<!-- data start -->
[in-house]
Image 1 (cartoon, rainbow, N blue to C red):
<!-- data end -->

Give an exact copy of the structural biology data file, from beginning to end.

[in-house]
Image 1 (cartoon, rainbow, N blue to C red):